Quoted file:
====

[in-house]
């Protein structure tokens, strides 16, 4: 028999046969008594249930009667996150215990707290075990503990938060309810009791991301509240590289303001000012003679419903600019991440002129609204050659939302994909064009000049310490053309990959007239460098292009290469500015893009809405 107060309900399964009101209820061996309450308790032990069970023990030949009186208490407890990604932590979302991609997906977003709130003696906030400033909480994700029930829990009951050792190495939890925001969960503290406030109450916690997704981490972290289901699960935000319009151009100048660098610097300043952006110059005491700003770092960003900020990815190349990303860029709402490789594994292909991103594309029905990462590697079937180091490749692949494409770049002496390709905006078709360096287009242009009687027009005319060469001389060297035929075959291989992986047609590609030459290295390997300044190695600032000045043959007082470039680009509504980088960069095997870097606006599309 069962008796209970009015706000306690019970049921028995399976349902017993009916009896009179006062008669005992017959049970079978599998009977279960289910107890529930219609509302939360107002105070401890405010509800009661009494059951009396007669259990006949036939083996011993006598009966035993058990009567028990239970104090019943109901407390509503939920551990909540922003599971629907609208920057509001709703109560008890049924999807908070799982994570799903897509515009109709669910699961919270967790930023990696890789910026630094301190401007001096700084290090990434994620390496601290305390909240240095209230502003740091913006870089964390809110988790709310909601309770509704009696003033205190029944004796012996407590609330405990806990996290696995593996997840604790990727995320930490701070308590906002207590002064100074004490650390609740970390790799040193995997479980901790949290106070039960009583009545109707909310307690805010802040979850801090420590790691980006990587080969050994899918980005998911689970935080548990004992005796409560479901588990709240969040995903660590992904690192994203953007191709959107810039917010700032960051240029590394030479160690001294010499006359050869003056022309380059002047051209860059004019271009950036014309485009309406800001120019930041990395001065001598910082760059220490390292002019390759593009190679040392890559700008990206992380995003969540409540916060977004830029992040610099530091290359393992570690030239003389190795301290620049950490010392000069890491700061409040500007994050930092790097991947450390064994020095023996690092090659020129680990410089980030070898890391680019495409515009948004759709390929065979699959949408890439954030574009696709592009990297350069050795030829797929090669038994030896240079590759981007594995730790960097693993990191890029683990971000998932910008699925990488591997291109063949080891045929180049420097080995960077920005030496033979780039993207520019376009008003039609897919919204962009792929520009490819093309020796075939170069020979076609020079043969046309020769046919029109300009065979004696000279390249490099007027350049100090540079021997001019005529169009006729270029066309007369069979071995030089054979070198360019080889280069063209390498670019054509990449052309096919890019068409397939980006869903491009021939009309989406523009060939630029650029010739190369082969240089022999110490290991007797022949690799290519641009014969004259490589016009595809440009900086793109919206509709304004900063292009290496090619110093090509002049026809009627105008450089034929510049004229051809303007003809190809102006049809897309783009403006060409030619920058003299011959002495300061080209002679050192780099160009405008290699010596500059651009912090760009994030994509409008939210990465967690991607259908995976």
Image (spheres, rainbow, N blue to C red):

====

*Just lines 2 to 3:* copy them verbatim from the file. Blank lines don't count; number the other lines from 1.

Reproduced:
């Protein structure tokens, strides 16, 4: 028999046969008594249930009667996150215990707290075990503990938060309810009791991301509240590289303001000012003679419903600019991440002129609204050659939302994909064009000049310490053309990959007239460098292009290469500015893009809405 107060309900399964009101209820061996309450308790032990069970023990030949009186208490407890990604932590979302991609997906977003709130003696906030400033909480994700029930829990009951050792190495939890925001969960503290406030109450916690997704981490972290289901699960935000319009151009100048660098610097300043952006110059005491700003770092960003900020990815190349990303860029709402490789594994292909991103594309029905990462590697079937180091490749692949494409770049002496390709905006078709360096287009242009009687027009005319060469001389060297035929075959291989992986047609590609030459290295390997300044190695600032000045043959007082470039680009509504980088960069095997870097606006599309 069962008796209970009015706000306690019970049921028995399976349902017993009916009896009179006062008669005992017959049970079978599998009977279960289910107890529930219609509302939360107002105070401890405010509800009661009494059951009396007669259990006949036939083996011993006598009966035993058990009567028990239970104090019943109901407390509503939920551990909540922003599971629907609208920057509001709703109560008890049924999807908070799982994570799903897509515009109709669910699961919270967790930023990696890789910026630094301190401007001096700084290090990434994620390496601290305390909240240095209230502003740091913006870089964390809110988790709310909601309770509704009696003033205190029944004796012996407590609330405990806990996290696995593996997840604790990727995320930490701070308590906002207590002064100074004490650390609740970390790799040193995997479980901790949290106070039960009583009545109707909310307690805010802040979850801090420590790691980006990587080969050994899918980005998911689970935080548990004992005796409560479901588990709240969040995903660590992904690192994203953007191709959107810039917010700032960051240029590394030479160690001294010499006359050869003056022309380059002047051209860059004019271009950036014309485009309406800001120019930041990395001065001598910082760059220490390292002019390759593009190679040392890559700008990206992380995003969540409540916060977004830029992040610099530091290359393992570690030239003389190795301290620049950490010392000069890491700061409040500007994050930092790097991947450390064994020095023996690092090659020129680990410089980030070898890391680019495409515009948004759709390929065979699959949408890439954030574009696709592009990297350069050795030829797929090669038994030896240079590759981007594995730790960097693993990191890029683990971000998932910008699925990488591997291109063949080891045929180049420097080995960077920005030496033979780039993207520019376009008003039609897919919204962009792929520009490819093309020796075939170069020979076609020079043969046309020769046919029109300009065979004696000279390249490099007027350049100090540079021997001019005529169009006729270029066309007369069979071995030089054979070198360019080889280069063209390498670019054509990449052309096919890019068409397939980006869903491009021939009309989406523009060939630029650029010739190369082969240089022999110490290991007797022949690799290519641009014969004259490589016009595809440009900086793109919206509709304004900063292009290496090619110093090509002049026809009627105008450089034929510049004229051809303007003809190809102006049809897309783009403006060409030619920058003299011959002495300061080209002679050192780099160009405008290699010596500059651009912090760009994030994509409008939210990465967690991607259908995976």
Image (spheres, rainbow, N blue to C red):